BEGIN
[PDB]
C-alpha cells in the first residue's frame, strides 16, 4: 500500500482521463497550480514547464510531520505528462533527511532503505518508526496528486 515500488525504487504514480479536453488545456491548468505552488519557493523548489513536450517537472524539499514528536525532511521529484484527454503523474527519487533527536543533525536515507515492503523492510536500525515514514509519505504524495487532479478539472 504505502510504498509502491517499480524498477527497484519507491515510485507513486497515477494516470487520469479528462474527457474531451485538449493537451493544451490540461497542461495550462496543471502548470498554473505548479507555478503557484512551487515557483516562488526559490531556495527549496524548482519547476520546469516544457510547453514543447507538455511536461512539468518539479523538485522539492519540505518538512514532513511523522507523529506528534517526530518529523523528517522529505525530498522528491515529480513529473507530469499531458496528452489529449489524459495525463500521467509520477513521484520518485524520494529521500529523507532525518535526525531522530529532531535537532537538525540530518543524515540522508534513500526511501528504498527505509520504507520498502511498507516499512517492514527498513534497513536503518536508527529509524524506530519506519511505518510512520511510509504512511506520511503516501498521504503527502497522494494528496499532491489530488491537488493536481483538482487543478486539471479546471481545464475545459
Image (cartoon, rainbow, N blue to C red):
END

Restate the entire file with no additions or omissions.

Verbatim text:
[PDB]
C-alpha cells in the first residue's frame, strides 16, 4: 500500500482521463497550480514547464510531520505528462533527511532503505518508526496528486 515500488525504487504514480479536453488545456491548468505552488519557493523548489513536450517537472524539499514528536525532511521529484484527454503523474527519487533527536543533525536515507515492503523492510536500525515514514509519505504524495487532479478539472 504505502510504498509502491517499480524498477527497484519507491515510485507513486497515477494516470487520469479528462474527457474531451485538449493537451493544451490540461497542461495550462496543471502548470498554473505548479507555478503557484512551487515557483516562488526559490531556495527549496524548482519547476520546469516544457510547453514543447507538455511536461512539468518539479523538485522539492519540505518538512514532513511523522507523529506528534517526530518529523523528517522529505525530498522528491515529480513529473507530469499531458496528452489529449489524459495525463500521467509520477513521484520518485524520494529521500529523507532525518535526525531522530529532531535537532537538525540530518543524515540522508534513500526511501528504498527505509520504507520498502511498507516499512517492514527498513534497513536503518536508527529509524524506530519506519511505518510512520511510509504512511506520511503516501498521504503527502497522494494528496499532491489530488491537488493536481483538482487543478486539471479546471481545464475545459
Image (cartoon, rainbow, N blue to C red):